I watched him over the space of a few hours, as his eyes narrowed with increasing disdain. You could see his shoulders tense and relax as he crossed and uncrossed his arms, as he’d open his mouth and shut it again baring his teeth as he went. He gripped the arms of the chair until his knuckles threatened to pierce the tracing paper skin covering them and shifted uncomfortably from one cheek to the other, grimacing with sheer disappointment.
There had been a time when he would have heaved himself from his chair and stomped about. Woe betide any bloody fool who crossed his warpath. How he could menace with a sneer, deride with a “pfft” that gift you were so delighted with, freeze conversation just by hovering nearby and staring. Once, he’d knocked a glass over on one of his prowls, and rubbed all of their bloody noses one at a time, into that choking alcohol that was soaking into the new rug. Another time a new jigsaw wasn’t suitably out of his way, so was trampled underfoot and covered in painful tears, themselves trod the same. Oh yes, there had been a time alright.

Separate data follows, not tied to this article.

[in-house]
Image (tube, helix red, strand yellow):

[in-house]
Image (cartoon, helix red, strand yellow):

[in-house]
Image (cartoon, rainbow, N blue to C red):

His eyes grew narrower, his shoulders more hunched. You could see he was itching to thrash about and unleash a fury inside him. The alcohol he sipped brought tears to his eyes which he slapped away, furious and disgusted as he looked at the wet streaks on the back of his hand. As his head drooped more, I asked him if he was OK. His head rose, he straightened his back, pushed back his shoulders and curled his top lip beneath his perfectly groomed moustache, into a perfectly formed sneer. His watery eyes focused on me for a moment, opened, narrowed, then faded away back into their own gloom. Did he want a top-up, I asked.
There’d been a time when he would have sat with the bottle and he’d have poured it at his own bloody leisure. A time when he’d have anyone close by running about making sure he had whatever he needed, not waiting for some do-gooding no-neck to pass by once an hour and ration him. It was Christmas and there was nothing more that he wanted than to give that skinny streak of grease a solid slap. He would have once upon a time and, he’d tell you, he would have stayed slapped right through New Year’s. Right through, he would have.
He flinched slightly as his glass was topped off. He wasn’t really supposed to have more than two a day, but this was Christmas and what harm could it do? He breathed deeply and stared at the spot he’d been eyeing with disgust for the last few hours. I walked away and heard him cough. I turned as he rose in his chair and launched his drink with a vicious throw, against the floor where he’d been staring.
It didn’t smash, and the whiskey soaked quickly into the crappy brown carpet. Plastic cups and cheap whiskey; for crying out loud. He couldn’t cry out loud. He couldn’t cry out at all. He was stuck inside himself, with only his bloody self for company.